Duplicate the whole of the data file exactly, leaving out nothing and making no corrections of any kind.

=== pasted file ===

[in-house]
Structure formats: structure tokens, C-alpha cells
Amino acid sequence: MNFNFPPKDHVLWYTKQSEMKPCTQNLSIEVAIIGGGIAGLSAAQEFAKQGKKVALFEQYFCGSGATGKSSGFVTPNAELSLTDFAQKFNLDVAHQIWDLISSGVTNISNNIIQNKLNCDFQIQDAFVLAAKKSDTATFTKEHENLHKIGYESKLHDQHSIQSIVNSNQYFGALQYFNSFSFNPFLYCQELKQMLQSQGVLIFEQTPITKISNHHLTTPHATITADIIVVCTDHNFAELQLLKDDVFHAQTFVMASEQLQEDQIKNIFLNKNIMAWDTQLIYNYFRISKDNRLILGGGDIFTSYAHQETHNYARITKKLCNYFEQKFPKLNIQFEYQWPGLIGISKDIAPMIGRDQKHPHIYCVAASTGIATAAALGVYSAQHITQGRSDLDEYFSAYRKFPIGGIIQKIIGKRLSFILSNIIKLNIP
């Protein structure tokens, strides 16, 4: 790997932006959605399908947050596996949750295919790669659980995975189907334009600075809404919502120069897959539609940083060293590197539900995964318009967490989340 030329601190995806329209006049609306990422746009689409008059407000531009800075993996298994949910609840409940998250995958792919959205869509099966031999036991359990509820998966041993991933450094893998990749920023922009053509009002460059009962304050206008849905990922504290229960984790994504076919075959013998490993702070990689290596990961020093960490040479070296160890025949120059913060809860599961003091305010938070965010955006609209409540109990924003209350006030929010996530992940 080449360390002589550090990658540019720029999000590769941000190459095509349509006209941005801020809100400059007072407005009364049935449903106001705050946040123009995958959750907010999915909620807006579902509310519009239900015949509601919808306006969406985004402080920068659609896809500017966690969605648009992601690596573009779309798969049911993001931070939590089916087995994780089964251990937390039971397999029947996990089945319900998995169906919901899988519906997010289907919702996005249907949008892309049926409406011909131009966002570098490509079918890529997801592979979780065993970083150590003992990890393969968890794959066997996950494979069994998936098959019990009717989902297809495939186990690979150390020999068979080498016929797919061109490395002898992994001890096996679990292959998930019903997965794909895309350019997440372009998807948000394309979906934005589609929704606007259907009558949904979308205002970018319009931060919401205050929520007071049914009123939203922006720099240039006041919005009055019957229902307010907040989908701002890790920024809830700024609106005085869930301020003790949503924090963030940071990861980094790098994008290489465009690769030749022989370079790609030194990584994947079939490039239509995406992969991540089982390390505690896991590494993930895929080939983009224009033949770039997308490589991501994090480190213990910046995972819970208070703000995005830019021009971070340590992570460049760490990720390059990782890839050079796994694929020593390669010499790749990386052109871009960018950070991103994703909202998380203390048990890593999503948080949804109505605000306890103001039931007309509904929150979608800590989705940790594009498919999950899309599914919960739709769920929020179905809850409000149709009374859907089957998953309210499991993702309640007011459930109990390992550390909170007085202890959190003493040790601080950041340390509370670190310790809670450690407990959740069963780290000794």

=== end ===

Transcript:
[in-house]
Structure formats: structure tokens, C-alpha cells
Amino acid sequence: MNFNFPPKDHVLWYTKQSEMKPCTQNLSIEVAIIGGGIAGLSAAQEFAKQGKKVALFEQYFCGSGATGKSSGFVTPNAELSLTDFAQKFNLDVAHQIWDLISSGVTNISNNIIQNKLNCDFQIQDAFVLAAKKSDTATFTKEHENLHKIGYESKLHDQHSIQSIVNSNQYFGALQYFNSFSFNPFLYCQELKQMLQSQGVLIFEQTPITKISNHHLTTPHATITADIIVVCTDHNFAELQLLKDDVFHAQTFVMASEQLQEDQIKNIFLNKNIMAWDTQLIYNYFRISKDNRLILGGGDIFTSYAHQETHNYARITKKLCNYFEQKFPKLNIQFEYQWPGLIGISKDIAPMIGRDQKHPHIYCVAASTGIATAAALGVYSAQHITQGRSDLDEYFSAYRKFPIGGIIQKIIGKRLSFILSNIIKLNIP
């Protein structure tokens, strides 16, 4: 790997932006959605399908947050596996949750295919790669659980995975189907334009600075809404919502120069897959539609940083060293590197539900995964318009967490989340 030329601190995806329209006049609306990422746009689409008059407000531009800075993996298994949910609840409940998250995958792919959205869509099966031999036991359990509820998966041993991933450094893998990749920023922009053509009002460059009962304050206008849905990922504290229960984790994504076919075959013998490993702070990689290596990961020093960490040479070296160890025949120059913060809860599961003091305010938070965010955006609209409540109990924003209350006030929010996530992940 080449360390002589550090990658540019720029999000590769941000190459095509349509006209941005801020809100400059007072407005009364049935449903106001705050946040123009995958959750907010999915909620807006579902509310519009239900015949509601919808306006969406985004402080920068659609896809500017966690969605648009992601690596573009779309798969049911993001931070939590089916087995994780089964251990937390039971397999029947996990089945319900998995169906919901899988519906997010289907919702996005249907949008892309049926409406011909131009966002570098490509079918890529997801592979979780065993970083150590003992990890393969968890794959066997996950494979069994998936098959019990009717989902297809495939186990690979150390020999068979080498016929797919061109490395002898992994001890096996679990292959998930019903997965794909895309350019997440372009998807948000394309979906934005589609929704606007259907009558949904979308205002970018319009931060919401205050929520007071049914009123939203922006720099240039006041919005009055019957229902307010907040989908701002890790920024809830700024609106005085869930301020003790949503924090963030940071990861980094790098994008290489465009690769030749022989370079790609030194990584994947079939490039239509995406992969991540089982390390505690896991590494993930895929080939983009224009033949770039997308490589991501994090480190213990910046995972819970208070703000995005830019021009971070340590992570460049760490990720390059990782890839050079796994694929020593390669010499790749990386052109871009960018950070991103994703909202998380203390048990890593999503948080949804109505605000306890103001039931007309509904929150979608800590989705940790594009498919999950899309599914919960739709769920929020179905809850409000149709009374859907089957998953309210499991993702309640007011459930109990390992550390909170007085202890959190003493040790601080950041340390509370670190310790809670450690407990959740069963780290000794």